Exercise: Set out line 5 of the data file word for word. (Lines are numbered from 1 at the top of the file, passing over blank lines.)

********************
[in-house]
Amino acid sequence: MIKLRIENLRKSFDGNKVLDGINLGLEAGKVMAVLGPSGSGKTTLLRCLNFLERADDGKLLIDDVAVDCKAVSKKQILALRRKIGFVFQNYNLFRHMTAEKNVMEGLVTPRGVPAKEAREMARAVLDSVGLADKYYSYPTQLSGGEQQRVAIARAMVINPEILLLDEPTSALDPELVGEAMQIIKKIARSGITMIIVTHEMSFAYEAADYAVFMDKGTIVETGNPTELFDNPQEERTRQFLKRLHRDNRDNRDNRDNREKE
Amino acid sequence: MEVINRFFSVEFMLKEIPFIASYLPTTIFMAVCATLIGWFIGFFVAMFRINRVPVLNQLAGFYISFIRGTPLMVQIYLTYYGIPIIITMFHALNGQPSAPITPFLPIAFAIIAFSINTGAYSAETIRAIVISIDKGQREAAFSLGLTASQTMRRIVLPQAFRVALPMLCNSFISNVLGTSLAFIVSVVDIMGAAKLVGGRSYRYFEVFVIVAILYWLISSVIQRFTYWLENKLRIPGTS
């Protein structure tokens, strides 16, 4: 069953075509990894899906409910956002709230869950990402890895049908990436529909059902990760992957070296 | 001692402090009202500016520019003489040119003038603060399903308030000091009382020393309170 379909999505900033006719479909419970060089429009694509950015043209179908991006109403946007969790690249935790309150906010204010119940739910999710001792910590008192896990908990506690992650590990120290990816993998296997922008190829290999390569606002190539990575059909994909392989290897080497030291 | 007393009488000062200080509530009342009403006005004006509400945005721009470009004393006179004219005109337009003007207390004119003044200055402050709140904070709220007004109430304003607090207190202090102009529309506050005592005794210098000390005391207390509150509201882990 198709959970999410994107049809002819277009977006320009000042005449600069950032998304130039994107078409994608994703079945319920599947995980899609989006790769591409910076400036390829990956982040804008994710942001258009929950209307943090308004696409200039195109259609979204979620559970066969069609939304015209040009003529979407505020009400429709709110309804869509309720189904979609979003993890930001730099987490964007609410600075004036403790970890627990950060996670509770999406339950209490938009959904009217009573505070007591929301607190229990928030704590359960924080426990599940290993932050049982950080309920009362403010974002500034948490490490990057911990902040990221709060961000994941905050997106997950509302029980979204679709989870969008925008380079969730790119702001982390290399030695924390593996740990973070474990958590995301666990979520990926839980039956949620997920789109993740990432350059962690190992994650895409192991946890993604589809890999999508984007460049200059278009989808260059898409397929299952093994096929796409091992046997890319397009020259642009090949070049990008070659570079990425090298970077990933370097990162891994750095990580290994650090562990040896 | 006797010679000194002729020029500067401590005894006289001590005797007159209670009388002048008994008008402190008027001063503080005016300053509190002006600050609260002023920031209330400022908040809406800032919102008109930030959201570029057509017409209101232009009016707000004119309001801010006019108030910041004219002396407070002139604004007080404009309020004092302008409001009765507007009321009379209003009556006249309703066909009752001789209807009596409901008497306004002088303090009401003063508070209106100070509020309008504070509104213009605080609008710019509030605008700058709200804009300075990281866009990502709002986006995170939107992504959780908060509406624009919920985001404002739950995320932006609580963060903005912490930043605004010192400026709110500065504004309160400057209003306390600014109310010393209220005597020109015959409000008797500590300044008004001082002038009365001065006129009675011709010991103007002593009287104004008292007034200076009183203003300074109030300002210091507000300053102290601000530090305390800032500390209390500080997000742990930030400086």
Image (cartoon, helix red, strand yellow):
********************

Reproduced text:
Image (cartoon, helix red, strand yellow):